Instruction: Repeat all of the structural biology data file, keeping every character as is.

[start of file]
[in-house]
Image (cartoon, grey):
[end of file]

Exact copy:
[in-house]
Image (cartoon, grey):